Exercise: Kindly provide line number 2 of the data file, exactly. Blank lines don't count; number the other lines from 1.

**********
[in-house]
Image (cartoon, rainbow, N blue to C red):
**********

Image (cartoon, rainbow, N blue to C red):